Management of Turkey’s three top state-run banks is now under the control of politicians and bureaucrats, including advisers to President Recep Tayyip Erdoğan, company data shows.
Career bankers sitting on the nine-member executive boards of Halkbank, Ziraat Bank and Vakıfbank are in the minority by as much as six to three, according to information collated by Ahval.
Veysi Kaynak, a former deputy prime minister of the governing Justice and Development Party (AKP) serves as deputy chairman of Ziraat Bank, the largest public bank. Faruk Çelik, who was minister of agriculture between 2015 and 2017, is also a director, along with two other former AKP politicians and two bureaucrats, leaving three career bankers on its board, according to the company’s website.
Turkey’s government has sought to use state-run banks to boost lending to the economy during the COVID-19 pandemic and in the aftermath of a currency crisis in 2018, when they dished out loans at below-market rates. The three banks operate under the umbrella of the country’s sovereign wealth fund, which President Recep Tayyip Erdoğan created in 2016 and has chaired since September 2018.
Meltem Taylan Aydın, a chief adviser to Erdoğan, is a board member of Halkbank, along with Maksut Serim, another presidential adviser, Ebubekir Şahin, a former deputy head of state-run news agency Anadolu, and ex-Istanbul mayor Mevlüt Uysal. Himmet Karadağ, a former adviser to the finance minister, is its deputy chairman. Three career bankers sit on the nine-member board.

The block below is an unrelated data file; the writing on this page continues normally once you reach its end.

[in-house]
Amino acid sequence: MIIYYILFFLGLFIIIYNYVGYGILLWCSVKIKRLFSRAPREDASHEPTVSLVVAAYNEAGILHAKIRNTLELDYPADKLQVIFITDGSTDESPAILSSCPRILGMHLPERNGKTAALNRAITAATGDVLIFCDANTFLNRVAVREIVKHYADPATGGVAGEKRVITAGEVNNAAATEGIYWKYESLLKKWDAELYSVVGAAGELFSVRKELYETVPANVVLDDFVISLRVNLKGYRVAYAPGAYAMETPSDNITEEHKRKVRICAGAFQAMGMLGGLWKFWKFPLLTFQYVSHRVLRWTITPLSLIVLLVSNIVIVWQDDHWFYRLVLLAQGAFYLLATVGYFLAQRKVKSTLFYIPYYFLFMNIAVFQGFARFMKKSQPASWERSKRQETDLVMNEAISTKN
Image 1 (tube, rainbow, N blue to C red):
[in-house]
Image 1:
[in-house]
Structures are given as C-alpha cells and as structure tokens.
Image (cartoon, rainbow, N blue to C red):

Vakıfbank was brought under the control of the sovereign wealth fund in May last year. Cemil Ertem, another chief adviser to Erdoğan, became its deputy chairman a month later. Other directors include ex-interior minister Abdülkadir Aksu, hired in May 2019, and former AKP parliamentarians Dilek Yüksel and Sadık Yakut.
Profit at state-run banks slumped in the first quarter of 2021 as the government pressured them to lend. Earnings declined at a faster pace than the sector average as they charged lower interest rates on loans than their rivals and sought to increase capital for lending by paying higher interest rates on deposits.
Halkbank, whose loan book has expanded by 37.6 percent over the past year, saw the biggest drop in profit in the three months to March. Earnings fell by an annual 93.5 percent to 73.5 million liras ($8.81 million). Interest payments surged by 141 percent to 15.4 billion liras, outpacing earnings from interest, which rose by 29.6 percent to 15.5 billion liras.
Turkey’s main opposition political parties have strongly opposed the establishment of the sovereign wealth fund and its control of state-run companies, saying Erdoğan has robbed parliament and other institutions of oversight. Turkish Airlines and Turkey’s largest telecommunications firms are among other entities under its control.